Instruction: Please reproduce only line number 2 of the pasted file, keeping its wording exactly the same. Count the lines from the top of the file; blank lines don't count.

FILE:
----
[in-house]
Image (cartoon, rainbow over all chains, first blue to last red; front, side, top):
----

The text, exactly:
Image (cartoon, rainbow over all chains, first blue to last red; front, side, top):